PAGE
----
The idea that reiki must be performed as a “touch” therapy is false. Reiki is so powerful, when it is performed by a reiki professional, the effect can travel through space.

The ability for reiki to lower depression is longer lasting than even scientists working in the field thought possible. Of course, each person is different in their personal response to reiki but it is possible to take reiki therapy on a vacation or during some flex time and reap the benefit from reiki all year.

Reiki could be a simple solution to reducing depression and stress in any hectic work environment — or perhaps for busy moms and dads who dearly love their kids but become depressed because of burnout. Businesses would do well to provide their employees with free reiki therapy sessions.

Final Thoughts

Many people think of the physical benefits they’ll receive with reiki therapy. However, the mind and body are interconnected through the ki energy that runs through our bodies. In this sense, Reiki is a holistic approach. While conventional medicine usually seeks a single solution to a specific medical problem, reiki provides therapeutic relief that positively affects the entire body. Thus, if you seek reiki therapy for depression, you may be pleasantly surprised to find your menstrual cycles become regular again, your recurring headaches are gone, that pesky pain in left foot is gone, and your energy level is at an all-time high!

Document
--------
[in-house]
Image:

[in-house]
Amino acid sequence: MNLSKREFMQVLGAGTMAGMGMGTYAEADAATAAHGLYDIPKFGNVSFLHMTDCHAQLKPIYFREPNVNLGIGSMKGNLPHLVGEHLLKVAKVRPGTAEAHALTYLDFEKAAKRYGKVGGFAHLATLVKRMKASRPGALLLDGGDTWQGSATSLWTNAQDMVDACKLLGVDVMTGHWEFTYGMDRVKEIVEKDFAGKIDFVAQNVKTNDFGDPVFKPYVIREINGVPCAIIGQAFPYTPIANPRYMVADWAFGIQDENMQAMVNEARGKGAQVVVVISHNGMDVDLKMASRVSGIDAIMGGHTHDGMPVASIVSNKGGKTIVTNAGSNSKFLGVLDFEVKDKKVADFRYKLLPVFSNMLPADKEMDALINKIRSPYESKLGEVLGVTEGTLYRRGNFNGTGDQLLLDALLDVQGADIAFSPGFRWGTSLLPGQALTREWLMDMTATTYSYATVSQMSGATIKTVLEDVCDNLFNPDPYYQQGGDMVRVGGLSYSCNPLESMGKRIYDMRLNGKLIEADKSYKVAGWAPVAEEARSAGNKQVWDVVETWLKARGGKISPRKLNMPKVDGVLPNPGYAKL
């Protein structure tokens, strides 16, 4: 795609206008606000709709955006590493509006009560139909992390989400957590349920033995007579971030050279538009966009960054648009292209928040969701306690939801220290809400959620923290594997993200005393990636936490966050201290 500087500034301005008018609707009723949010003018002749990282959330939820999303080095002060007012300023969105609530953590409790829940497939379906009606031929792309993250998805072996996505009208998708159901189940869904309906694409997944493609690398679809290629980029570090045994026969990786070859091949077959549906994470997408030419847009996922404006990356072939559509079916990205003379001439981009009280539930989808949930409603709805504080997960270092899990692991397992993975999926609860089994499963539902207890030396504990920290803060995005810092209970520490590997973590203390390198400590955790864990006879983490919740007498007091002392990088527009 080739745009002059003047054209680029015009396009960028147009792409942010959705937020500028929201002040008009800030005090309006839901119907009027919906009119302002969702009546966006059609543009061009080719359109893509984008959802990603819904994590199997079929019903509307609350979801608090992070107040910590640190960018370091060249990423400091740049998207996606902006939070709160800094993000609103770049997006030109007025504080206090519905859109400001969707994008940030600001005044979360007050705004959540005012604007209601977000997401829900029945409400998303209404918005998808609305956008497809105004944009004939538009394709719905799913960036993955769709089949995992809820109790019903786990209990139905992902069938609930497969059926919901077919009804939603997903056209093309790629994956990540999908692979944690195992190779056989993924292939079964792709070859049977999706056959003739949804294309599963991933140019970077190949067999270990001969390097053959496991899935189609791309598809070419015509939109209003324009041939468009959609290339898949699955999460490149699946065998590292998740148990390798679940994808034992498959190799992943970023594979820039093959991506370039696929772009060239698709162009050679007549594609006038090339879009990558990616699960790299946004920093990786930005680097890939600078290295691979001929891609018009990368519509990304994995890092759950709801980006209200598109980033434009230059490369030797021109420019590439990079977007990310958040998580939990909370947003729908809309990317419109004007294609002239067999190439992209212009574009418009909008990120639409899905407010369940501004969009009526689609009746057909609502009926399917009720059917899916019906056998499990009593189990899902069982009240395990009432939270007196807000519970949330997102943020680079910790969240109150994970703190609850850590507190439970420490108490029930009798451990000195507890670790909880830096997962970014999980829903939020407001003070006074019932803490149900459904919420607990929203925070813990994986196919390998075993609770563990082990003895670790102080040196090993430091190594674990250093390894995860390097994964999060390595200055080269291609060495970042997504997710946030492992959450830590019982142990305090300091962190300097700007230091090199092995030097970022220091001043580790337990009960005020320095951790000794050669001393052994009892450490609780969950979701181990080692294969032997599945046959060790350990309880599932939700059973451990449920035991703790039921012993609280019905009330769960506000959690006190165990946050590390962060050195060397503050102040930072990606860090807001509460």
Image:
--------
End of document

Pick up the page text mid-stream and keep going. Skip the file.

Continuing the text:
Danica Jackson

Danica Jackson got her first telescope when she was only nine years old. She's been fascinated with all things celestial ever since. Her studies on history and anthropology give her unique perspectives on astrology and personal growth.